Republic of Leith, not posh St Andrews, is the real home of golf – Susan Morrison

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American golf fanatics may be visiting the wrong place

Continuing on our theme of ‘visiting places we generally don’t get the chance to just mooch around’, my husband and I decided to have a few days in St Andrews. I’ve worked there a lot but never really got to see the place, usually I just parked the car and dashed into a venue.

One night I was stopped in my tracks by a busker playing a flute. Now, I have seen flautists in public places before, but they generally had orange sashes on and were followed by sweating blokes in bowler hats and men hitting huge drums. This little girl was on her own and tootling out something by Mozart, if I’m not mistaken.

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That’s how I knew it was posh. Even someone familiar with the New Town can see St Andrews is off the scale. Within five minutes, I heard a woman complain that the pony was becoming “just too small for the twins”, and an exasperated man in his 40s on his phone saying “Yes, mummy, Veuve Clicquot. Very common, even if it was for a wedding.”

There are very distinct tribes of men roaming the streets. University lecturing types tend to wear chinos, in a range of colours, from rusty red to quite shockingly orange. Possibly this marks them out to each other, like New York gangs in leather jackets. Perhaps they meet in regiments marked by shades of chino to have a square go at each other on the beach. The mathematicians bellow formulas at the classics men, who rant back with pithy Latin quotes and a nice line in withering Greek put-downs.

There are two types of American chaps. The students, who all seem incredibly tall. I suspect they have to go through a special gate at their home airports with one of those pointy hand things they have at theme park roller coasters next to a sign that says “you must reach this height to go to St Andrews”.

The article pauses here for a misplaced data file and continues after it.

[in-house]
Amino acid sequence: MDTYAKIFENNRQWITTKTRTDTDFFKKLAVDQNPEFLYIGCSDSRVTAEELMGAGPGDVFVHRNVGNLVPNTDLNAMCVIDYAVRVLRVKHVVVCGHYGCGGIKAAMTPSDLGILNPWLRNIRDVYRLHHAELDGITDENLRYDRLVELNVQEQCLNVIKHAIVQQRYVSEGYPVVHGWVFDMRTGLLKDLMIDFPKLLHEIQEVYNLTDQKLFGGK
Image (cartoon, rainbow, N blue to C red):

The second type of American wandering the streets are the big burly blokes in baseball caps. These are the golfers. They look like retired cops. Possibly they are. This would explain the ever-present takeout coffee in their huge mitts. It's a reminder of the days when they lived on caffeine and doughnuts. Also, they need to be holding something when the golf clubs are bagged, sheathed or whatever it is you do to golf clubs.

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They are very keen on the whack-a-ball-with-a-stick game. They play golf, talk golf and live golf. They stay in hotels with whacky sticks in the hall and on the wall and have endless showings of golf on ginormous screen televisions in the lounges.

The Old Course at St Andrews, seen here in 1927, may be old, but Leith Links is the true birthplace of golf (Picture: Central Press/Hulton Archive/Getty Images)The Old Course at St Andrews, seen here in 1927, may be old, but Leith Links is the true birthplace of golf (Picture: Central Press/Hulton Archive/Getty Images)
The Old Course at St Andrews, seen here in 1927, may be old, but Leith Links is the true birthplace of golf (Picture: Central Press/Hulton Archive/Getty Images)

The fact that they get off the greens to do a spot of sight-seeing seemed surprising. We saw them ambling around St Andrews Cathedral. I thought they were taking in some Scottish ecclesiastical history, until I realised there is a grave to some great hero of the game, and that's what they had come to see.

Of course, I permitted myself the tiniest curl of my lip. St Andrews may have the title of Royal and Ancient, but we here in the Republic know where the birthplace of the game is and that, my boys, is Leith Links. Not so posh, but the coffee is great.

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